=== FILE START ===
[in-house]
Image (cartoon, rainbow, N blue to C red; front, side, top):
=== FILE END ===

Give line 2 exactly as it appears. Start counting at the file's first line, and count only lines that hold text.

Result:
Image (cartoon, rainbow, N blue to C red; front, side, top):